Road to Aintree; The Grand National Trials that matter
There are many trials for the Grand National, some official, others unofficial but still recognised.
The first trial is usually thought to be the Irish Grand National held at Fairyhouse 11 months earlier. Not since Numbersixvalverde who won at Fairyhouse in 2005 and at Aintree in 2006 has this double been completed, although many have run well in both.
2019 Irish National winner Burrows Saint would have to buck the trend of seven-year-olds in the National (no winner since 1940) but his impressive win last time out over hurdles marks him out as a genuine contender.
The Welsh and English National double hasn’t been done since Silver Birch who won at Chepstow in 2004 and Aintree in 2007. This year’s winner Potters Corner isn’t sure to get in but past Chepstow winners Elegant Escape and Native River would both have genuine chances if they turn up in April; both will likely take in the Cheltenham Gold Cup beforehand.
There are plenty of important trials still to come of course this season. Haydock’s Grand National Trial in February has proved a terrible trial in recent years with 1993 National winner Party Politics the last to do the double.
A much better trial in February has proved to be the Bobbyjo chase in Ireland. The race named after the 1999 National winner was won by 2005 National winner Hedgehunter en-route to his Aintree success. The last two National runners-up Pleasant Company and Rathvinden both won the Bobbyjo before going close in the big one.
Newcastle’s Eider Chase over 4m ought to be a good trial, although since 2008 winner Comply Or Die it has had little bearing on the Grand National with better and better horses now lining up at Aintree, leading to Eider winners now often struggling to get in.
The Skybet chase at Doncaster is another race considered a trial although winners of that have rarely even run in the National, let alone been competitive; last year’s winner Go Conquer was pulled up at Aintree.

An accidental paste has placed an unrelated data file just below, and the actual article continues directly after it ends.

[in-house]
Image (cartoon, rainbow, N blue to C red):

The Cheltenham Festival has a host of races which often tend to throw up National clues.
Ante-post favourite Tiger Roll, who has won the last two Nationals, won the Cheltenham Cross Country Chase in his final prep; he is likely to follow that familiar route again in 2020.
The Kim Muir at Cheltenham has been an excellent trial; Ballabriggs won that and the National (a year apart) and both Sunnyhillboy and Cause Of Causes were second in the National after winning it.
The Festival Trophy on day one was an excellent trial in the 90s with Rough Quest and Seagram doing the double but it has been much less informative towards Aintree this century.
The Gold Cup has also been a poor race as far as runners attempting the follow up. The legendary Golden Miller is the only horse to do the double.
No horse has attempted the double since the ill-fated bid of Synchronised in 2012 but plenty have gone from the Gold Cup to National with mixed success. Anibale Fly has placed in both in each of the last two years and is being campaigned in a similar manner again this year.
The 4m National Hunt Challenge Cup at Cheltenham is for novices so rarely has any bearing on that year’s National but in recent times it’s winners have done really well the following year.
2017 winner Tiger Roll won the 2018 National and 2018 winner Rathvinden finished second in the 2019 National.
Le Breuil won the 2019 National Hunt Chase and appears to be being aimed at the National after running over the fences in the Becher Chase before Christmas.
In summary, the best trials are probably the Kim Muir at Cheltenham, the Bobbyjo at Fairyhouse and the previous season’s National Hunt Chase, although favourite Tiger Roll is single-handedly staking the claims of the Cross Country as a viable trial too.